You've probably already found one or two benchmarks while doing something else. Now you want to go on your first benchmark hunting trip. Pick about 10 ["PID"]s to look for, preferably fairly close to each other. If you can, pick some that other people have found within the last year or so. This should assure you of a good experience finding benchmarks and prevent you from going home without a find on your first trip.

Before going out on your first benchmark hunting trip, be sure to educate yourself on these basic topics: ["designation"], ["PID"], ["azimuth"], ["witness post"], [:to reach:to-reach], ["azimuth mark"], ["reference mark"]. Also look through the list of [:Equipment:benchmark hunting equipment] to get an idea of what to take along.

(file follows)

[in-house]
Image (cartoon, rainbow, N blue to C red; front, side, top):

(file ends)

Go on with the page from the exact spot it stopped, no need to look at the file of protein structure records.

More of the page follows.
Print out every page of PIDs' ["datasheet"]s. Even if you intend to 'go paperless' with your benchmark hunting, it is good to use paper at least on your first trip. On each paper, use a highlighter or other marking method to highlight these things:

These are the most important items in a datasheet. Just before going to each PID's location, review these highlighted items in its datasheet. Making a drawing of what you understand from the geometries of the to-reach statements can sometimes save you a lot of time and false starts.

Be ready to take notes. A very important aspect of mark ["recovery"] is to note any changes since the last recovery report and inform the NGS of these changes in your recovery report.